When my daughter Courtney was little and developing her preschool independence, I often heard the phrase, “I do it myself” whenever I tried to help her with a task or maneuver an obstacle she couldn’t physically get around or over. I was often reminded we are all born with an instinct of selfishness and self-reliance—from the time we can verbalize it.
As women lead women in the local church, one of the most asked questions is, “How do I involve younger women in ministry?” It’s an age-old question and an important question leaders should continually ask. The problem is many seasoned leaders want younger women to be involved, but they don’t know how. There’s a fine balance of letting a young leader “do it herself” while giving her encouragement in the process. If you’re looking for ways to empower younger women to lead, here are a few suggestions.
1. Don’t tell them how it’s always been done. This gets to the “do it myself” mentality, but there are some positives when it comes to giving women ownership. The last thing younger women want is for an older woman to tell them how something has been done for 20 years. Give them the opportunity to make it their own and most likely, make it more relevant.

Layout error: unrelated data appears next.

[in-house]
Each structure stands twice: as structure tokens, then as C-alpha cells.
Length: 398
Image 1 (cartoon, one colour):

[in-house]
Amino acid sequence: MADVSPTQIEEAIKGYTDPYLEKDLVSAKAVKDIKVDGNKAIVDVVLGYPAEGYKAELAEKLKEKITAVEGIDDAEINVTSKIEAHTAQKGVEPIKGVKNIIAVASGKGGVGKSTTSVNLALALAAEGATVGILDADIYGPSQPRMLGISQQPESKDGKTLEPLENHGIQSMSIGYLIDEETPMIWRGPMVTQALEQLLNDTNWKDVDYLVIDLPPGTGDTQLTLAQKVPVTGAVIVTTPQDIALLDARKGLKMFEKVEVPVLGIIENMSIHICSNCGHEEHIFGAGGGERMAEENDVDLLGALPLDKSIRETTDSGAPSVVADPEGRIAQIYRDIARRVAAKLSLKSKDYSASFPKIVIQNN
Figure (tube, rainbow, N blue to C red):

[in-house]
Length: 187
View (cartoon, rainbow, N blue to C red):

2. Don’t abandon them. While it’s easy to throw your hands up in the air and give in to their cry for independence, be ready to walk alongside them. Just as you wouldn’t let a preschooler wander into areas of danger, you can be available when called upon.
3. Participate in what they plan. You know how it feels when younger women don’t come to your ministry events, so support them with your attendance. And while you’re at it, bring along a group of women your age. While there may be things that don’t fit your preference, get out of your comfort zone and be a learner.
4. Avoid criticism. The last thing a younger leader needs is criticism from an older leader. Keep your speech seasoned with grace and encouragement.
5. Coach them when they struggle or fail. I bet when you were a younger leader you didn’t always have success in ministry. There will be times when a younger leader doesn’t feel like she’s measured up or that what she planned didn’t go as intended. Don’t be a Nancy Know-it-all. Just coach them from your experience—and when you are asked for your advice.
Above all, remember you aren’t always going to be the leader. You need a new generation of leaders who have relevant ideas and think outside of the box. Your ministry to women will be better when you can let them “do it myself.” Or better yet, let them do it with you—together.
Kelly King is the Women’s Ministry Specialist for LifeWay Christian Resources and oversees the YOU Lead events. Join her this year and get to know her heart for ministry leaders. Follow her on Twitter @kellydking.